A proposal in Congress to transfer Hole in the Rock Road to the state of Utah has ignited both hopes and worries that development and tributes to the area’s Mormon heritage could one day draw crowds to this remote and historic tract of land, which lost protections when President Donald Trump dismantled Grand Staircase-Escalante National Monument earlier this month.
Hole in the Rock Road is a primitive dirt road that runs 57 miles from State Road 12 near Escalante to the “Hole in the Rock” cliff crevice over Lake Powell, where Mormon pioneers lowered their wagons to what was then the Colorado River. The road, as well as about 150,000 nearby acres containing some of the state’s most popular slot canyons, was excluded from the boundaries of the three smaller monuments Trump announced to replace Grand Staircase-Escalante.
One day after Trump’s proclamation on Dec. 4, Utah Republican Rep. Chris Stewart introduced a bill that would create Escalante Canyons National Park. One of its provisions would transfer Hole in the Rock Road to the state of Utah.
State and local governments have been intensely interested in improving the road and developing a park to commemorate the expedition ordered by The Church of Jesus Christ of Latter-day Saints to create a settlement in southeast Utah in 1880. Stewart replied to multiple calls and emails with a short statement:
“Hole in the Rock Road is historically significant to Mormon pioneers and the state. It’s only fitting that the state of Utah has the ability to preserve and manage this small, but significant area.”
An uncertain road
Hole in the Rock Road is deeply rutted, and in inclement weather can become impassable and dangerous. In good conditions, the drive takes two to three hours. That hasn’t entirely deterred tourists; as many as 200 per day use the road to visit the popular slot canyons, rock formations and historic sites that are nearby, county officials have said.
“There’s been people stranded down there after storms,” said Garfield County Commissioner Leland Pollock. “We’ve had all kinds of emergency services issues.”
As of October, Garfield County had secured funding to rebuild the northernmost segment of road, which crews regrade about 20 times per tourist season. This has lowered the road, making it more susceptible to water damage.
Officials with the Bureau of Land Management had been amenable to the county’s rebuilding plan because it didn’t include paving — forbidden under monument rules.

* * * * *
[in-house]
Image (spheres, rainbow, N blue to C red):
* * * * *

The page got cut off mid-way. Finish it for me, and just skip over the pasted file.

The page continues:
It’s not yet clear what being excluded from the new monuments will mean for the road.
“The end game is always to put asphalt down on the road, to make it easier to travel, to get more people down there,” said Kya Marienfeld, wildlands attorney for the Southern Utah Wilderness Alliance, which opposes transferring or paving the road.
“Driving on a dirt road and the speeds that requires is a lot different than driving on a paved road,” said Stephen Bloch, SUWA attorney. “It would alter the visitor experience people are going to have in that area.”
Pollock said the county has no immediate plans, or funds, to pave 60 miles of road. If Stewart’s bill passes, it’s uncertain who will determine the road’s fate.
“We’d need to bring all the key stakeholders together and figure out what that transfer to the state actually means and identify how we’re going to maintain that infrastructure,” said Nathan Schwebach, spokesman for the Utah Department of Natural Resources.
Bloch suspects “the state would like to be able to maintain and improve Hole in the Rock Road without having to seek approvals from the BLM,” he said.
But the Utah Department of Transportation was not consulted on the bill and hasn’t considered whether the road should be modified, said UDOT spokesman John Gleason.
‘Making something fantastic happen’
While the DNR has no specific plan to modify Hole in the Rock Road, there is a vision to enshrine its history.
Utah’s Legislature in February instructed state parks managers to explore the feasibility of developing a Mormon heritage park as large as 6,000 acres somewhere near Hole in the Rock, perhaps through a special-use permit on the surrounding federal lands.
In a follow-up report for a state Senate committee in June, state parks director Fred Hayes said the Division of Parks and Recreation is “absolutely, 100 percent committed to making something fantastic happen at Hole in the Rock.”
“There is something that our society needs to learn from those pioneers … that we need to facilitate down there,” Hayes said.
But it’s not certain that such a park would even be sited along Hole in the Rock Road; in its review of potential locations, parks officials are evaluating a site closer to the town of Escalante, said state parks spokesman Eugene Swalberg.
The road’s current condition could prevent the state from pursuing a site alongside it — especially because a lot of people would need to visit for the park to generate sufficient revenue.
“That road is extremely rough and it’s a long way out there. Is it realistic people are going to drive out there?” asked Jeff Rasmussen, state parks deputy director.